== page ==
Be careful that you are not selecting activities just because you think they will look good on your medical school application. Leadership roles are very important. Spend a significant amount of time doing things that you enjoy — and do them well. Admissions committees are looking for quality over quantity. Find a balance that you are comfortable with and that combines academics, extracurricular activities, work, and family. No one wants you to give up your entire life to prepare for your medical school application, so continue doing the things that are important to you.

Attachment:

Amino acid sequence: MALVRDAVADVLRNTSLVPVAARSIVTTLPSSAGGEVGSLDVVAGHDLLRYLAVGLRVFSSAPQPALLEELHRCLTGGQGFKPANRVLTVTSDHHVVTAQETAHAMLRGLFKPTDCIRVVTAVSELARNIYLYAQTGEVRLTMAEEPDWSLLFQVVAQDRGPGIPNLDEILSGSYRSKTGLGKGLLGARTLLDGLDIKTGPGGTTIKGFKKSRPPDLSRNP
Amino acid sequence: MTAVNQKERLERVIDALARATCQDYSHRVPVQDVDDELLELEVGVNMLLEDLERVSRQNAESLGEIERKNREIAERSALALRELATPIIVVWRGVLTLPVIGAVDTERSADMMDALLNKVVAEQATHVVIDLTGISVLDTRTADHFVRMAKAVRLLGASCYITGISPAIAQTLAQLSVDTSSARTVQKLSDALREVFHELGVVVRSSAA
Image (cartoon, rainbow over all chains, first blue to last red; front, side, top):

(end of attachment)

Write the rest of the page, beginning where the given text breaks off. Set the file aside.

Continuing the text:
Remember, there are only 168 hours in a week.
Be sure, when you are adding up your school work class time, extracurricular activities, shadowing, and research experiences, that they do not add up to more than 168 hours. Be realistic, truthful, and accurate when filling out your activities page. If you have a lot of activities and your grades have suffered as a result of overextending yourself, this will not work in your favor.
This post is excerpted from 101 Tips on Getting Into Medical School by Jennifer C. Welch, who has served as the Director of Admissions at SUNY Upstate Medical School since 2001.